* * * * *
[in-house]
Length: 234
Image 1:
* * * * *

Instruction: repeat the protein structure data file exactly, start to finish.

[in-house]
Length: 234
Image 1: